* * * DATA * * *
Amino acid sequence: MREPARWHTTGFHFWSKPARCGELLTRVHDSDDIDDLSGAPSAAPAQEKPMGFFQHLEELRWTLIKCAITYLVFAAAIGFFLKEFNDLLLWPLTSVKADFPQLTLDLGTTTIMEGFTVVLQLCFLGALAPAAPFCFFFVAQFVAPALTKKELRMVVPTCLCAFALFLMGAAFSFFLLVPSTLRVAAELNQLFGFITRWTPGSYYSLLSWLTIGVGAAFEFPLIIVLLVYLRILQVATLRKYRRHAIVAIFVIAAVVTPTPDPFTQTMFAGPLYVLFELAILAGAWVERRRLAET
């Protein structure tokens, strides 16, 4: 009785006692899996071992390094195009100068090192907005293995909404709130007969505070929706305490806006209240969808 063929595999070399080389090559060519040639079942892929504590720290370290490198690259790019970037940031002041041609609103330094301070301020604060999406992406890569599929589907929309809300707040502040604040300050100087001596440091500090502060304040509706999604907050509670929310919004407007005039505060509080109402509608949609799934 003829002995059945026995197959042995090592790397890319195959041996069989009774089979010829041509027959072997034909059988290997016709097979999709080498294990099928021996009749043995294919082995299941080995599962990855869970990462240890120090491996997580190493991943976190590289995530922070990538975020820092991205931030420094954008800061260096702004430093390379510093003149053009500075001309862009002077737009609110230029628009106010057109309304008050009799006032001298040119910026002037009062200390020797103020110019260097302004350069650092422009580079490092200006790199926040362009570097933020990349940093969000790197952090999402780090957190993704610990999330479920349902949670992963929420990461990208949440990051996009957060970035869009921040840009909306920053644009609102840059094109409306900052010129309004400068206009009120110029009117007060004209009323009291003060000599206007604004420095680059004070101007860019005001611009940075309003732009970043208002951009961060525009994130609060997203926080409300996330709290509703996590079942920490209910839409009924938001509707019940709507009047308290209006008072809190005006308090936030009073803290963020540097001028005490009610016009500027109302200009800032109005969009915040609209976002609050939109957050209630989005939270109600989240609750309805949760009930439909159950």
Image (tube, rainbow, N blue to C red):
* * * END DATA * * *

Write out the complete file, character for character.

Amino acid sequence: MREPARWHTTGFHFWSKPARCGELLTRVHDSDDIDDLSGAPSAAPAQEKPMGFFQHLEELRWTLIKCAITYLVFAAAIGFFLKEFNDLLLWPLTSVKADFPQLTLDLGTTTIMEGFTVVLQLCFLGALAPAAPFCFFFVAQFVAPALTKKELRMVVPTCLCAFALFLMGAAFSFFLLVPSTLRVAAELNQLFGFITRWTPGSYYSLLSWLTIGVGAAFEFPLIIVLLVYLRILQVATLRKYRRHAIVAIFVIAAVVTPTPDPFTQTMFAGPLYVLFELAILAGAWVERRRLAET
């Protein structure tokens, strides 16, 4: 009785006692899996071992390094195009100068090192907005293995909404709130007969505070929706305490806006209240969808 063929595999070399080389090559060519040639079942892929504590720290370290490198690259790019970037940031002041041609609103330094301070301020604060999406992406890569599929589907929309809300707040502040604040300050100087001596440091500090502060304040509706999604907050509670929310919004407007005039505060509080109402509608949609799934 003829002995059945026995197959042995090592790397890319195959041996069989009774089979010829041509027959072997034909059988290997016709097979999709080498294990099928021996009749043995294919082995299941080995599962990855869970990462240890120090491996997580190493991943976190590289995530922070990538975020820092991205931030420094954008800061260096702004430093390379510093003149053009500075001309862009002077737009609110230029628009106010057109309304008050009799006032001298040119910026002037009062200390020797103020110019260097302004350069650092422009580079490092200006790199926040362009570097933020990349940093969000790197952090999402780090957190993704610990999330479920349902949670992963929420990461990208949440990051996009957060970035869009921040840009909306920053644009609102840059094109409306900052010129309004400068206009009120110029009117007060004209009323009291003060000599206007604004420095680059004070101007860019005001611009940075309003732009970043208002951009961060525009994130609060997203926080409300996330709290509703996590079942920490209910839409009924938001509707019940709507009047308290209006008072809190005006308090936030009073803290963020540097001028005490009610016009500027109302200009800032109005969009915040609209976002609050939109957050209630989005939270109600989240609750309805949760009930439909159950």
Image (tube, rainbow, N blue to C red):